And the Sri Lanka he depicts is deeply mired in vice and violence, tribal and sectarian atrocities and hatreds, governmental corruption and complicity. He helpfully enumerates the various factions – the LTTE, JVP, UNP, STF as well as international involvement from agencies, the media and the UN. He concludes, cycnically, with
It’s not that complicated, my friend. Don’t try and look for the good guys ’cause there ain’t none. Everyone is proud and greedy and no one can resolve things without money changing hands or fists being raised.
Within this world, Maali has bright points in his personal life: his best friend Jaki and his lover DD with both of whom his relationship is difficult. And it is to them that he turns – insofar as a disembodied spirit can turn.
Karunatilaka invests in the mechanics of the spirit world, as well as in the bureaucracy of it, and Maali asks
“Can I go wherever the wind blows?”
“Not really, hamu. You can travel wherever your body has been.”
“You can go where your name is spoken. But you can’t fly to Paris or the Maldives. Unless your corpse is taken there.”
“Why the Maldives?”
“Ghosts mistake that place for paradise. There are more spirits than stingrays in those shallows.”
“But you can ride winds?”
“Like public transport for dead people, sir. I will show.”
The effect of this is to make the structure of the novel rather episodic: we eavesdrop on a phonecall here, a cabinet meeting there, friends demanding that the police investigate properly and the police officers’ half-hearted attempts. I found this lack of agency rather unsettling as a reader – a frustration shared by Maali himself perhaps as he desperately seeks to whisper into the ears of the living and to slip into their dreams.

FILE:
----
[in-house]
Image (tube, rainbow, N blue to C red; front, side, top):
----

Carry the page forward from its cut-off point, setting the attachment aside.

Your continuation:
And of the living characters, the only two that were fleshed out – pardon the pun – were Jaki and DD, and of the two Jaki felt more real. And the moment that Jaki, a news reporter on state sponsored television, delivers the true new live on air when Maali’s body is discovered – for which she was sacked on the spot and eventually abducted by the regime – was fantastic and courageous.
As this did win this year’s Booker Prize, a list of books I have been slowly working my way through, it does raise the question of whether I think it deserved that win. It is certainly a worthy book, shining a light on atrocities and politics that I for one vaguely recall from my youth in the 1980s – I’m not sure I ever understood what Tamil Tigers were when they were mentioned on the news back then… And there is a certain whimsy (if whimsy be the right word) in a novel set in the afterlife and narrated by a dead character. There are aspects that recall Salman Rushdie and George Saunders’ Lincoln in the Bardo… but for me I don’t agree with the Booker Prize judges. This novel was rather bleak and passive and lacked the brutal white-hot anger of The Trees which I would rate a shade higher; and how anyone is meant to compare and judge those novels against the mythic scope of Alan Garner’s Treacle Walker, I have no idea but that latter book was by far my personal favourite.
1 thought on “Book Review: The Seven Moons of Maali Almeida, Shehan Karunatilaka”
Wonderful review. I like that’s its told in the afterlife.